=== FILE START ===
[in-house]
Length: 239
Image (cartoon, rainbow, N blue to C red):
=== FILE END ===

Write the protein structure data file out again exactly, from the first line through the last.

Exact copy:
[in-house]
Length: 239
Image (cartoon, rainbow, N blue to C red):